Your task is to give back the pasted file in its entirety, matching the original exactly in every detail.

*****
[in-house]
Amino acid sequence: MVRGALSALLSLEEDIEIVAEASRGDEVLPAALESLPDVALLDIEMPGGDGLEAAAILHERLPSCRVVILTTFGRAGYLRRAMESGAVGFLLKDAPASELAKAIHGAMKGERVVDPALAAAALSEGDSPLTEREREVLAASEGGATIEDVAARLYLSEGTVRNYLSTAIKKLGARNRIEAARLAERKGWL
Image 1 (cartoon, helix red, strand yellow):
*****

[in-house]
Amino acid sequence: MVRGALSALLSLEEDIEIVAEASRGDEVLPAALESLPDVALLDIEMPGGDGLEAAAILHERLPSCRVVILTTFGRAGYLRRAMESGAVGFLLKDAPASELAKAIHGAMKGERVVDPALAAAALSEGDSPLTEREREVLAASEGGATIEDVAARLYLSEGTVRNYLSTAIKKLGARNRIEAARLAERKGWL
Image 1 (cartoon, helix red, strand yellow):